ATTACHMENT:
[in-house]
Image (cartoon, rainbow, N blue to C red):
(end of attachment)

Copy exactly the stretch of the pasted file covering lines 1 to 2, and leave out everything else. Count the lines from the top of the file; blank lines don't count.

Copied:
[in-house]
Image (cartoon, rainbow, N blue to C red):